On June 28, 2018, California adopted the strictest general privacy and data security law in the country, called the “California Consumer Privacy Act” (codified in Assembly Bill 375), which will come into effect on January 1, 2020. This is the first installment of two updates covering the act. We focus here on the main aspects of the law, and a more in-depth analysis is forthcoming in the second part of this series.
As an overview, this law, as written, will transform how companies that handle consumer data do business in California.
The act will require businesses to notify consumers about the type of data they collect, both in privacy policies and in response to specific requests, and provide consumers the option to opt out of the data being utilized for certain purposes. The act will also provide a limited private right of action for violations and statutory damages, including for data breaches resulting from lack of reasonable security.
California, already a popular venue for plaintiffs to file consumer privacy class action litigation, may likely see an increase when the act becomes effective. And even if litigation is not filed, compliance costs are likely to be significant. As one example, the act significantly expands the definition of personal information, like the new EU privacy law called the General Data Protection Regulation (GDPR) does, to include unique identifiers, and also to include broad biometric information, inferences drawn from other information, and other categories. In so doing, the act will impose more stringent privacy standards on digital advertising and analytics, which are commonly associated with new technologies.
The legislation is the result of a last-ditch effort to have a stricter ballot measure withdrawn, and it passed on the last day for the withdrawal of that initiative. Unlike a ballot measure, the new privacy rules in the form of legislation can more easily be changed by lawmakers. The act also has a later effective date than the ballot measure. Accordingly, with some time remaining before the new law goes into effect, we may see changes to the final version prior to actual implementation. There could also be federal efforts to pass a broader bill, similar to the passage of the CAN-SPAM Act years ago in response to California’s junk email statute.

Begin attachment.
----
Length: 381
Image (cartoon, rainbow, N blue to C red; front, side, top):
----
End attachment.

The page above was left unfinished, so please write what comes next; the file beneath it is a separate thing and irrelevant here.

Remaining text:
The New California Consumer Privacy Act of 2018
The California Consumer Privacy Act of 2018 is the most comprehensive general data privacy bill of its kind to pass in the United States. The main focus is on greater regulation of personal information collected and sold by companies, and on breaches of such information where reasonable security measures have not been taken. The preamble of the law highlights the increasing amount and use of data in our highly digitized economy, though the act is not limited to digital data. The act will apply to for-profit companies doing business in California that collect consumers’ personal information and exceed $25 million in gross revenue; handle the personal information of 50,000 or more consumers, devices or households; or derive more than 50% of their annual revenue from selling consumers personal information.
The act states, among other things, that California law has not kept pace with developments in tracking or otherwise collecting information. The act contains several relevant provisions in this regard, some of which resemble the GDPR.
First, the act provides consumers a right to know the categories and specific pieces of personal information that a business has within the past year collected, sold to a third party, or disclosed to another person for a business process. Personal information is very broadly defined, including, among other things, unique personal identifiers, IP addresses and “inferences drawn from” personal information. This expansion would shift current thinking and may likely require reassessment of ways personal information is handled by companies using such information. Businesses would need to provide California consumers with a means to make such requests and honor verifiable requests within 45 days.
While this proposal also bears some resemblance to California’s Shine the Light law, the requirements are more detailed and more inclusive. For example, California’s Shine the Light law does not include unique identifiers in the definition of personal information while the California Consumer Privacy Act does. Thus, businesses may be required to have more detailed records than they currently do about when/how personal data is collected, shared and sold, and may also need to implement processes for sharing information about the categories and the actual data collected. While the act does not explicitly call for recordkeeping (like the GDPR does), companies may feel that they need to create such a data inventory in order to respond to requests and meet the deadlines imposed by the 45-day response requirement.